Mission: Impossible 2

In the inevitable yet ultimately tired sequel to “Mission: Impossible,” a brilliant secret agent turncoat has stolen a deadly virus and plans to use it to hold the world hostage. Instead of the usual Swiss Bank account payment, he demands stock participation in the pharmaceutical company that has developed the antidote.


missionimpossible2It’s a modern twist to an old dilemma, one of many in “Mission: Impossible 2.” Unfortunately, for all its twists and turns, the sequel fails to generate the breathtaking thrills of the original. The plot and characters are pedestrian, leaving poor star Tom Cruise stranded. His character, Ethan Hunt, is the only interesting thing about the film.

The artistic failure of “Mission: Impossible 2” rests on the shoulders of director John Woo and writer Robert Towne, both remarkably talented men. Together, they are guilty of the worst cinematic crime: they made a boring movie. Most bad movies serve as celluloid car wrecks. You want to slow down to get a better look. “M:I2” demands that you put the pedal to the metal.

The mechanics of Towne’s screenplay are so absurd that it’s hard to take any of this seriously. The first film., which also benefitted from a script by Towne (and numerous high profile script doctors), was rife with surprises and suspense. Under the tight direction of Brian DePalma, “Mission: Impossible” was both satisfying and nostalgic. It retained the flavor of the original 1960’s television series.

“M:I2” feels like it was cut from the same cloth as “The Matrix,” written and directed to appeal to sixteen year old boys who won’t be offended by the pulsating soundtrack or lack of credibility. All they care about is rock and roll action, and under the direction of John Woo, “M:I2” won’t leave them disappointed.

Those expecting more, like a clever plot, or smart dialogue, will be left out in the cold. “M:I2” offers a chilly reception to anyone with an IQ higher than dirt.

Director John Woo seems like a natural choice to direct a “Mission: Impossible” sequel. His ability to transform standard material into something kinetic should have been enough to turn “M:I2” into something exciting. However, his visual style has been imitated so frequently that it has now become a cliche. The same thing happened to Brian DePalma on “Snake Eyes.” What was once dazzling and original has become old and tired.

That puts the emphasis on the characters, and here where the film self-destructs. Cruise is fine as Hunt, even more square jawed than usual. After his dynamic performance in “Magnolia,” Hunt is a stroll in the park for Cruise. Cruise manages to make is a brisk walk, using his killer eyes and smile as much as high tech weapons to disarm his enemies.

Hunt has a love interest in “M:I2,” professional thief Nyah Nordhoff Hall (Thandie Newton), whom he is assigned to recruit for his latest mission. Newton is such a fine actress (“Jefferson in Paris,” “Beloved”) that it’s a shame to see her wasted here. Her character is so poorly written that Newton has nowhere to go. Nyah’s big dramatic moment is so grandiose that it robs Newton of any honest emotion.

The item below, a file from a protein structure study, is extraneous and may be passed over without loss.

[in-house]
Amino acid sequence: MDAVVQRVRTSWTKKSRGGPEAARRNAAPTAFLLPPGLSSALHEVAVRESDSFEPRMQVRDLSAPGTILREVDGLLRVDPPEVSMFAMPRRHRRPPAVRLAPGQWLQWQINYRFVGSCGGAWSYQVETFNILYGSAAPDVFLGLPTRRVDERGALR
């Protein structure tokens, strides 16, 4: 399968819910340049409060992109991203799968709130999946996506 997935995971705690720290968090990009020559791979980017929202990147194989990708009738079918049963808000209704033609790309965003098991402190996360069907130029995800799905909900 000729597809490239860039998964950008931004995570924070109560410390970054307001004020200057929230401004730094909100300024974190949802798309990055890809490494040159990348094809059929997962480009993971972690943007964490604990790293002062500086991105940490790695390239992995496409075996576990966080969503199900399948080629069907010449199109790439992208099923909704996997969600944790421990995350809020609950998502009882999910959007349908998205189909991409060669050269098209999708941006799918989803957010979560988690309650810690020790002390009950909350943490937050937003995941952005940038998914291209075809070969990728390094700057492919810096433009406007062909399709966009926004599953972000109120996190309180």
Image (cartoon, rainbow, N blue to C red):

Dougray Scott fares even worse as Sean Ambrose, the former IMF agent in a position to hold the world for ransom. Turncoats are always fun to play, yet Scott never reaches. It’s a paint-by- numbers performance in which all of the colors are light gray. Even returning cast member Ving Rhames is wasted, forced to spend the entire film planted in front of a computer screen. If this were a movie about a computer virus, that would make sense.

Little makes sense in Towne’s screenplay, which is a major embarrassment from the man who wrote “Chinatown.” Maybe Towne was hoping that Woo’s fast-paced direction would be enough to hide his gaps in logic, yet the plot holes are so big that even Evel Knievel would be scared to jump over them.

Everything that was clever in the first film seems dated here. “Mission: Impossible” deftly exploited the elements of the series, including the unique ability of the IMF agents to disguise themselves. Towne overuses these devices until the element of surprise is gone. Most suspense is lost because we’re way ahead of the characters.

What director Woo delivers are set pieces connected by an invisible plot thread. That would have been enough five years ago, but there comes a time when substance must overtake style. “M:I2” not only seems influenced by “The Matrix,” but at times resembles it.

The action looks awfully familiar, and is it coincidence that star Cruise wears a black leather jacket and sunglasses during his prolong gated fight scene? It doesn’t help that “M:I2” was also shot in Australia, the new Hollywood down under.

The musical score by Hans Zimmer, heavy on pulse-pounding guitar rifts, also seems geared towards teenage boys, who demand that the volume be turned up until their ears bleed. It’s not a very provocative score, something of a step down for Zimmer.

“Mission: Impossible 2” will probably be a hit. There are enough sixteen year old boys who are gullible enough to see it more than once. There’s still a franchise left in the series. Hopefully Cruise and his production team will take their time and get it right next time. Until then, if you want to see a real caper film, check out the video “The Thomas Crown Affair” with Pierce Brosnan.

DUMB DUMB DUMBImpossible sequel on Cruise control

MISSION: IMPOSSIBLE II

Tom Cruise, Thandie Newton, Dougray Scott, Ving Rhames, Anthony Hopkins in a film directed by John Woo. Rated PG-13. 126 Minutes.

LARSEN RATING: $2



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